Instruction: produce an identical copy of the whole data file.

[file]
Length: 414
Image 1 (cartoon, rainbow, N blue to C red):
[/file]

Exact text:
Length: 414
Image 1 (cartoon, rainbow, N blue to C red):